At any moment, someone’s aggravating behavior or our own bad luck can set us off on an emotional spiral that threatens to derail our entire day. Here’s how we can face our triggers with less reactivity so that we can get on with our lives.

In a recent consult, the parents of a seven-year-old, who by nature is a very big reactor, shared that after a lot of hard work managing their own emotions and being less reactive to him when he is having a difficult moment, he is now much better able to soothe himself. He will even voluntarily go into his room to take a break.

But they asked if it was OK to let him do this. They have heard so much about the importance of tuning into and acknowledging children’s feelings. They worry that he won’t know that they are there for him—that they care about his emotions—and wonder if they should follow him and get him to talk.

Here is a child who has learned an amazing skill—to regulate himself in such a healthy and positive way. He is clearly letting his parents know that this is what he needs. There will be opportunities to talk about feelings and to show that they see and feel him. But pursuing him in this moment would likely be experienced as intrusive, not respecting his boundaries.

Yes, I am a mental health professional who has dedicated over three decades to supporting children’s social and emotional well-being. And yes, I believe that tuning in to and validating feelings is critically important for children’s mental health and for healthy parent-child relationships.

But what I see happening now is that parents have been led to believe (largely via popular Instagram accounts) that leaning deep into feelings is always what kids need, when it is very dependent on context and timing. It is not helpful when:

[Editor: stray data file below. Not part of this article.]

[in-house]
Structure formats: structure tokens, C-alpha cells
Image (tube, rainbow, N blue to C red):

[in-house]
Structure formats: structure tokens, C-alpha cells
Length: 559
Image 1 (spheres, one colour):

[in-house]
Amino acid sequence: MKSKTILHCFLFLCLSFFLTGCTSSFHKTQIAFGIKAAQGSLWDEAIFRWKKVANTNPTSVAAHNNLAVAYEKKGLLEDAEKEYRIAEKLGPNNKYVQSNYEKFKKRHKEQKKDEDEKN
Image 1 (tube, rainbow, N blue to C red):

One phenomenon I have observed in recent years is that kids as young as three have picked up on the fact that their parents are so concerned about their feelings that they will stop everything to explore them. These clever kids have figured out that if they tell their parents they are having big feelings, they will get more attention, extend bedtime, get out of doing a task or activity, be late for school, or divert their parents from setting an important limit.

Another pattern I see is that for the vast majority of the hundreds of families I see each year, the root cause of the challenge they are seeking consultation for is an absence of limits and the power struggles that flourish in this void. That is what is making everyone—parents and children—miserable. As I explore with parents what the obstacles are to implementing loving and critically important limits, getting caught up in and worried about their child’s feelings is the foundational problem.

What I find kids more often need in the heat of the difficult moment is one validating statement and then help to move on or adapt: “Going from home to school feels hard some days. I will be your helper” as you get them, as calmly as you can, into the car to move them along. Getting stuck with them—trying to process feelings when they are in this dysregulated state—often results in escalation, not calm resolution, which is what the child needs.

Then, when your child is regulated, you explore feelings more deeply and brainstorm what you might do together to make those moments more manageable.

For more on how to support children’s emotional development while also setting limits with love, see these articles.

Claire Lerner, LCSW-C, is a nationally recognized child developmental and parenting expert with over 30 years of experience collaborating with families to understand and respond most sensitively and effectively to the challenging behaviors they encounter in the early years. Claire is also the author of Why Is My Child in Charge?

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At any moment, someone’s aggravating behavior or our own bad luck can set us off on an emotional spiral that threatens to derail our entire day. Here’s how we can face our triggers with less reactivity so that we can get on with our lives.

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